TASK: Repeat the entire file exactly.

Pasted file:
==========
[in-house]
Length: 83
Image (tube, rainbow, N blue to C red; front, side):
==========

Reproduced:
[in-house]
Length: 83
Image (tube, rainbow, N blue to C red; front, side):